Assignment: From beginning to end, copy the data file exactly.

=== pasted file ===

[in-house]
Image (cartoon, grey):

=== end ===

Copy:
[in-house]
Image (cartoon, grey):